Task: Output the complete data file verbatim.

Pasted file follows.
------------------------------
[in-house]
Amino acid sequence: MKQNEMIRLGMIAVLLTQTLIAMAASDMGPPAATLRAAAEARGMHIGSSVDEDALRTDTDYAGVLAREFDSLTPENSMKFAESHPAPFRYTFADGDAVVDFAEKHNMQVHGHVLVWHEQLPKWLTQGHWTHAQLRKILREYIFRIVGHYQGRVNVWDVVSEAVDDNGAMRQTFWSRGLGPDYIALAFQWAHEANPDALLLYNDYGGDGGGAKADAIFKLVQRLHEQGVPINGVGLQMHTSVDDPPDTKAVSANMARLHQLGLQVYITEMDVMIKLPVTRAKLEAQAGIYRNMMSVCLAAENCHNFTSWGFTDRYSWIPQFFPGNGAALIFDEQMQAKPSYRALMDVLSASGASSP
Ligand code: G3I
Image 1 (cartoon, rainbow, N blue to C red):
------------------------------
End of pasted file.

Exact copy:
[in-house]
Amino acid sequence: MKQNEMIRLGMIAVLLTQTLIAMAASDMGPPAATLRAAAEARGMHIGSSVDEDALRTDTDYAGVLAREFDSLTPENSMKFAESHPAPFRYTFADGDAVVDFAEKHNMQVHGHVLVWHEQLPKWLTQGHWTHAQLRKILREYIFRIVGHYQGRVNVWDVVSEAVDDNGAMRQTFWSRGLGPDYIALAFQWAHEANPDALLLYNDYGGDGGGAKADAIFKLVQRLHEQGVPINGVGLQMHTSVDDPPDTKAVSANMARLHQLGLQVYITEMDVMIKLPVTRAKLEAQAGIYRNMMSVCLAAENCHNFTSWGFTDRYSWIPQFFPGNGAALIFDEQMQAKPSYRALMDVLSASGASSP
Ligand code: G3I
Image 1 (cartoon, rainbow, N blue to C red):